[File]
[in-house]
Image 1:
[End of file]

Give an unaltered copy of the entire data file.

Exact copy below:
[in-house]
Image 1: